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Another Lesser-known Nation Gained Followers Via Social Media

Many small nations lack the size and reach to formulate international appeal. This appeal generates support for policies, funding and economic opportunity.

 

For example, many YouTubers have made Palau a go-to destination despite being relatively unknown. Or, look at Barbados, which Rihanna has made into a popular tourist spot.

 

Whether it be a country or territory, developing a public following is the easiest it has ever been thanks to social media. This week, social media brought a new country into the spotlight: Kiribati.

 

Kiribati is known among geography fans for having a location in all four hemispheres, city names on its atoll like Paris, London, Poland, and Banana, and the first inhabited place to experience the New Year.

 

Millions of X (Twitter) users discovered these Kiribatian attractions when a profile called the Republic of Kiribati started posting and replying on X last week. Following their viral posts, eager travelers and investors are now planning trips to Kiribati and looking into business opportunities there.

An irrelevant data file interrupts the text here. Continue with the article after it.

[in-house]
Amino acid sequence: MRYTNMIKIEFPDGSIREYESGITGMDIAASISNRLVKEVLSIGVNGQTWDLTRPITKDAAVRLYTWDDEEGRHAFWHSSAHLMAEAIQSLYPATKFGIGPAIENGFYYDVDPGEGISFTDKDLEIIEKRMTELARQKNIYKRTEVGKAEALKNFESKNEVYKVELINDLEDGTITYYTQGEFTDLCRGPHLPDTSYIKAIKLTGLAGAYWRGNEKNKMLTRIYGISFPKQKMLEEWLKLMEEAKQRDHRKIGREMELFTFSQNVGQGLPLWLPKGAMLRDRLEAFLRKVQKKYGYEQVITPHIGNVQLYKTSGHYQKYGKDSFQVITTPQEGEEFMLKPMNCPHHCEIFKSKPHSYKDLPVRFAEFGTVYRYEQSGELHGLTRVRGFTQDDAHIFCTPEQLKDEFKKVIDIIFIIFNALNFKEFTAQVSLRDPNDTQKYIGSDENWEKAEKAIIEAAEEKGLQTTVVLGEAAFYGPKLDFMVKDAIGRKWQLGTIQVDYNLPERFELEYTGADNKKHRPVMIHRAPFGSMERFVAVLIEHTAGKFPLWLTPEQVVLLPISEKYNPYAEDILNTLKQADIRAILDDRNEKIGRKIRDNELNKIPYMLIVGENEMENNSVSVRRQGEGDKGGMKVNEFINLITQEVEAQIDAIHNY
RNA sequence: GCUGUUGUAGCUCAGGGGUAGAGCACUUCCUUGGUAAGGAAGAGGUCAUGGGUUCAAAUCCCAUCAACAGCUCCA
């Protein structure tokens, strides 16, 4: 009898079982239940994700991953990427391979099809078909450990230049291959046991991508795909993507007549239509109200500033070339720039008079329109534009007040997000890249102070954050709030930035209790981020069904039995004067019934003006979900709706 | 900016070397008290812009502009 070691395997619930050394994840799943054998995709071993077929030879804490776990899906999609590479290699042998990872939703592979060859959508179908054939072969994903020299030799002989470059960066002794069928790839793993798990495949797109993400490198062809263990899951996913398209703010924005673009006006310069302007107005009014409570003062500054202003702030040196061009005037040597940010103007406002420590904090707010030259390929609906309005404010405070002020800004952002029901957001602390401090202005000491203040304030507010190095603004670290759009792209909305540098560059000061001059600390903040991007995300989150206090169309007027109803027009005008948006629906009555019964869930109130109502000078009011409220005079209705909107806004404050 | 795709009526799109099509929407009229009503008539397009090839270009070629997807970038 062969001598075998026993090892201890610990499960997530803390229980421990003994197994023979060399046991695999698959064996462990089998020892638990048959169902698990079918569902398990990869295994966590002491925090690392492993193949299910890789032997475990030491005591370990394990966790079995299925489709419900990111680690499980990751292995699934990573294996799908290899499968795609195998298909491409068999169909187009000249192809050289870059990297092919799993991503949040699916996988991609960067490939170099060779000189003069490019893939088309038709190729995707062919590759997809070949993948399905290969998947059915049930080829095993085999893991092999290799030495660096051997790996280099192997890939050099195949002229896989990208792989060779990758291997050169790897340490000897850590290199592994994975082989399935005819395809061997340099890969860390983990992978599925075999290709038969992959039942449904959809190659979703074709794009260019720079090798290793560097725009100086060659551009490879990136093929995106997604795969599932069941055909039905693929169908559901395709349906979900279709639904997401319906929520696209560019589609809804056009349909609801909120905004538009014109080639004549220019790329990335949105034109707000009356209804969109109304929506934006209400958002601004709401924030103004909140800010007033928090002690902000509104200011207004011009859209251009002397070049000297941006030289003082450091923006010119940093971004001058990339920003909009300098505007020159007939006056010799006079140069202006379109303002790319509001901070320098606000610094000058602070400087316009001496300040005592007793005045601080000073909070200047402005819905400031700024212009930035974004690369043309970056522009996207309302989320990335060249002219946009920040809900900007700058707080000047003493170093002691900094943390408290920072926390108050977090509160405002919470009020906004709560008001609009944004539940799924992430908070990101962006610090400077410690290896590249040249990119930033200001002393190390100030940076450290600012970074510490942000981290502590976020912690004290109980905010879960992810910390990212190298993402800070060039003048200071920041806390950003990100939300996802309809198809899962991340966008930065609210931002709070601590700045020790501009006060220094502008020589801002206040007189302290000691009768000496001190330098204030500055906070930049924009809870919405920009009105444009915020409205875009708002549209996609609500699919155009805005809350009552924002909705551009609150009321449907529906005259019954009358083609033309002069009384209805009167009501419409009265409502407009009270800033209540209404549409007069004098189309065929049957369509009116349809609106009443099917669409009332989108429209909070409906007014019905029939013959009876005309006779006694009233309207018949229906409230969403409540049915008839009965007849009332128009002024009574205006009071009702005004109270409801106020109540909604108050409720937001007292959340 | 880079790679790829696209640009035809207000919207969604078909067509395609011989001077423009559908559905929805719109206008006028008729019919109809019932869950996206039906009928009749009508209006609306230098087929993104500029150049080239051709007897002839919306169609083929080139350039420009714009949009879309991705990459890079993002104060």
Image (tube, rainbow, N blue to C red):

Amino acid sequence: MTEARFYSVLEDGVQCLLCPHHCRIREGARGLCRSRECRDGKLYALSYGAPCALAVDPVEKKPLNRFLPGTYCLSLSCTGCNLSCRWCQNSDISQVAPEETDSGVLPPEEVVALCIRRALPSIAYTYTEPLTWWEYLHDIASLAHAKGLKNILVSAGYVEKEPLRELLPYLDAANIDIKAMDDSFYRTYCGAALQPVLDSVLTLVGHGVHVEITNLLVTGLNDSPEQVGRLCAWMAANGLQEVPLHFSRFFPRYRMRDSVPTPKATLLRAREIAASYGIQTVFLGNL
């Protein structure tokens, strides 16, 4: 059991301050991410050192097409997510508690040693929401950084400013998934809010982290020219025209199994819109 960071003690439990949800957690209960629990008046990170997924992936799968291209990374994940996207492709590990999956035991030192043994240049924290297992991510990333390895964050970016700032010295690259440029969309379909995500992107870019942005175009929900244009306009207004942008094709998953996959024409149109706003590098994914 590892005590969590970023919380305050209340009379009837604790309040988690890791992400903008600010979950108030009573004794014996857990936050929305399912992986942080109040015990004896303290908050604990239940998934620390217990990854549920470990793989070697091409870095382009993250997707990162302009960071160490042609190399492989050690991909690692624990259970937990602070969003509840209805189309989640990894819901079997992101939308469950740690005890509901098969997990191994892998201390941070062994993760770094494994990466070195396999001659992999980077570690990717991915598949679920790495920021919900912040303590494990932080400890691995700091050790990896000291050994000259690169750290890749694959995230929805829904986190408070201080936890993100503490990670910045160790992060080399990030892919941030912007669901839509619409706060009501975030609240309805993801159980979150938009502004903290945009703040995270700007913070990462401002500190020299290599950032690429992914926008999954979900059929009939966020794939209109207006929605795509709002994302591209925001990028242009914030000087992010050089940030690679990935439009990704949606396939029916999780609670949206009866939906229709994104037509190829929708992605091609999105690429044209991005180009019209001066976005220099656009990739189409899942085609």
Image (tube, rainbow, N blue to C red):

While their national government denied association with this account, they appear to be enjoying their week of fame. However, this is not the first time small nations have used media to their advantage.

 

Debateably the most successful instance is Monaco which used film, literature and a famous marriage to garner attention to its microstate with the world-renowned quarter: Monte Carlo and its casino. Whether it is through James Bond or the countless sporting activities including its famed Grand Prix, Monaco has elevated itself into the world's most known micro-state following the Vatican City.

 

Social media creates a dynamic where anyone can have their name in the sun if enough people interact with a post, which is why many nations and their citizens use these techniques to inform audiences about their opportunities and struggles.

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